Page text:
On the Monday before Thanksgiving  my father, Cecil H. Underwood, passed away. The date was November 24th, nineteen days after his 86th birthday and twenty days after Barrack Obama was elected President. My father was born two days before Election Day in 1922, elected the youngest Governor of West Virginia two days after he turned 34 and elected the state’s oldest Governor on his 74th birthday. In my post, Why a Collaboration Evangelist, I wrote:
Perhaps it’s a “nature and nurture” thing, as I have always been a strong believer that teams of smart people with diverse backgrounds and points of view will always have a better chance of solving challenging problems and finding new opportunities to add value to any enterprise than the model where “one smart guy solves all the problems and makes all the decisions.”
From the nature side, I was born the day after my father was inaugurated as the 25th governor of the State of West Virginia at the age of 34. One of the things he told me about that campaign was although they had only one paid staffer – his driver – the campaign was supported by 3000 volunteers. The campaign put all of their efforts into organizing and energizing their volunteer network to register and get supporters to the polls. They spent the money they raised on the new technology of the day called TV advertising. This strategy enabled him to become the first Republican governor in 25 years in a state where Democratic voters outnumbered Republicans by 2.5 to 1.
The many papers around the world that carried the news of my father’s death described him as “a high school teacher who became a governor.” While it is true that he started his career as a high school biology teacher and his last formal employment was as a Drinko Scholar at Marshall University, my father was always quietly teaching through his actions to those of us who had the good fortune to know and work with him. At his memorial service, I remembered my father by sharing some of the lessons he taught us by the way he lived and the way he led. These included:
1. No obstacle is too high to overcome if you believe in yourself and are willing to work very hard to achieve your goals.
My father took on monumental challenges from the beginning of his career. At the age of 22, he challenged a long standing incumbent to win the first of six terms to the State Legislature. Twelve years later he was elected Governor. But at the end of his first term he lost a race for the US Senate (at that time, Governors could not run for re-election) and over the next 36 years he ran unsuccessfully for Governor three times.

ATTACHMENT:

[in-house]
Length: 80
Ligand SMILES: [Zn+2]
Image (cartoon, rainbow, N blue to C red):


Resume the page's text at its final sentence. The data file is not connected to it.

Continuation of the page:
During this period, I remember thinking that maybe my father had “peaked too soon” at the age of 34, like an NBA team playing their best ball before the playoffs. He showed me otherwise in 1996 when he was elected the State’s 32nd Governor. During his second administration, more jobs were created, more roads were built and more school children and seniors were connected to the internet than during any other four year period in the history of West Virginia.
As I admired his work ethic and the successes of his second term, I thought he was the greatest role model for working hard and beating the odds that anyone could ever have. But again I was wrong. Not wrong in the role model, but wrong in the act.
The most amazing thing I saw my father do was to come back from a paralyzing stroke he suffered in 2006 at the age of 83. The entire left side of his body was paralyzed with the exception of his fingers, which he could move slightly if he wasn’t too tired. At his discharge planning meeting a few months later, my sisters and I told Dad he needed to move to an assisted living facility to continue his rehabilitation. He was none too happy with our proclamation and wanted to know what he had to do to live at home again. We told him he needed to be able to walk.
So, for the next three months, he did 5 hours of physical therapy a day – riding the stationary bike, lifting weights and doing anything else the PT staff at Charleston Gardens told him to do. His efforts were rewarded as he indeed did walk again and was selected “Stroke Recovery Patient of the Year.” More importantly, he was able to return home for several years.